Raising Money for a Good Claws
Created as a fundraiser with the help of local animal adoption agencies, Morgantown (W.Va.) Public Library System’s (MPLS) limited-edition 2021 calendar features librarians posing with adoptable cats.
As the marketing manager for MPLS, I’m always brainstorming novel ways to reach our audiences. This time, I wanted to lend a library twist to those popular fundraising calendars that depict smoldering firefighters.
Thus was born our 2021 Wild and Weird calendar. Each month features library workers from MPLS—all fully clothed, of course!—alongside an adoptable cat, including Cadillac Frank (a gray and white kitten rescued from a high-kill shelter) and Olaf (a black and white senior that was surrendered to the shelter by his family after 13 years). Whether you support libraries, believe in safe shelter for homeless animals, or both, this calendar supports our community. Proceeds from sales were divided between the library, the Humane Society of Marion County, and local animal adoption agency Homeward Bound WV.
Part of our library’s three-year vision is to cultivate stronger community relationships. This project has allowed us to tap into each partner organization’s audiences, increasing our exposure for a more successful fundraising and outreach campaign. All three organizations were able to collaborate in a very public way, bringing attention to our causes with a single effort.
From initial concept to the last calendar sale, the project required nine months of coordination between library staff and administration, print vendors, and animal shelter partners. I took the photos with the library’s DSLR camera in front of a simple gray backdrop using lights brought from home. I coordinated with the two animal agencies to deliver a diverse group of cats for four days of photos and helped our staff create their looks. Leaning into the librarian stereotype, I allowed a good deal of latitude of personal expression while aiming for a style that was dressed up but unequivocally librarian—pencil skirts, hair buns, sweater vests. For example, Kelly Funkhouser, the library’s accountant, graced the November spread outfitted in khakis, a coffee-colored turtleneck, and a floral woven-linen vest.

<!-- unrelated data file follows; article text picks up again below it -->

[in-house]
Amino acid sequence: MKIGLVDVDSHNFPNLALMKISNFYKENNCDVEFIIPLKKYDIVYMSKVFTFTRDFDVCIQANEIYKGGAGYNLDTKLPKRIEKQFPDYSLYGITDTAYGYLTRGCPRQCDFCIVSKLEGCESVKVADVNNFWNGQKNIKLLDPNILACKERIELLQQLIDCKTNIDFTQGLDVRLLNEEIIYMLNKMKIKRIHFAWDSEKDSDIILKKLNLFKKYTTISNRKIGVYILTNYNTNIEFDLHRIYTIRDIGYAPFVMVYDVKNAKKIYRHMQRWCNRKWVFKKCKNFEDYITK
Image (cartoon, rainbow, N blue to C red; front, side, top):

This project yielded two major lessons. First, the cat theme resounded with niche populations, particularly librarians and cat fans ages 24–45. If I were to create another calendar fundraiser, I would definitely collaborate again with community partners, but I would choose a theme that appealed to a larger audience.
Second, the project began as a marketing initiative but evolved into a sales campaign, requiring more public relations work. I contacted more than 70 media outlets, individuals, organizations, bloggers, and social media groups. In retrospect, I would have enlisted help from staff and built a better sales infrastructure to get the word out and create consistent, scalable messaging through purchased media.
The calendar’s reception has been overwhelmingly positive, with media mentions in local newspapers, magazines, and news channels. My post in a popular library Facebook group saw more than 1,000 likes, in 48 hours. “This is so lovely it actually brought me to tears,” commented Patti H. on the post. “Two great causes and so perfectly worded. Great work.” Chris H., who purchased a calendar, said, “These could all be Renaissance paintings!”
Within one month, we sold all 250 copies of the calendar for a total profit of around $2,500, half of which went to our partners. Most important, I am happy to report that all 12 cats featured in the calendar found their forever homes.
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